Here’s what we don’t know about this acquisition. While Elsevier has indicated that it will continue to support QUOSA’s current solutions and platform, how will it prioritize investment in product development? Does it have the dexterity and internal flexibility to address the elegant solution referred to by the biotech customer? I also wonder whether these products will be available to entities outside the Elsevier family. One can envision a scenario wherein Elsevier holds these capabilities close as a differentiator from other scientific literature databases.
As it happens, QUOSA and Elsevier are not the only ones providing solutions like the PDF download manager. Pubget, recently acquired by the Copyright Clearance Center, has also developed tools to facilitate search, management, and analysis of scientific papers. Tracey Armstrong, CEO of the Copyright Clearance Center, states that, “Blending Pubget’s current and future offerings with CCC’s broad portfolio of licensing products will provide clients with a complete professional information solution.”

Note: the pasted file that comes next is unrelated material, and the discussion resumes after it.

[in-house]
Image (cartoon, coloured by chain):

One wonders if content consumers might face silos of information where no one workflow tool will truly meet the need, leaving them to hop from one to another in order to access the full range of published literature. As one user observed, customers really do want a unified solution.
I contacted Elsevier with a few questions for this article, specifically what it plans to do with QUOSA technology and whether it plans to develop the text mining capabilities. They are working on their response.
Presumably the haze will lift as QUOSA’s product development unfolds and Elsevier integrates its new technologies into its offerings.